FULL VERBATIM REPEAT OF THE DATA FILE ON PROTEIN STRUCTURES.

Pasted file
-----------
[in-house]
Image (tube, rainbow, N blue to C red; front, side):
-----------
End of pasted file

[in-house]
Image (tube, rainbow, N blue to C red; front, side):